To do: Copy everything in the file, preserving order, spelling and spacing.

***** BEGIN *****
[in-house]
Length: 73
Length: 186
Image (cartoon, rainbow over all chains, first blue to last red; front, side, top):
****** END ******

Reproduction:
[in-house]
Length: 73
Length: 186
Image (cartoon, rainbow over all chains, first blue to last red; front, side, top):